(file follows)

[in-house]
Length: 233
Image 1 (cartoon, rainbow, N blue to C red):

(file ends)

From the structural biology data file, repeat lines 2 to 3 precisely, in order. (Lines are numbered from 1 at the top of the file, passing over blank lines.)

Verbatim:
Length: 233
Image 1 (cartoon, rainbow, N blue to C red):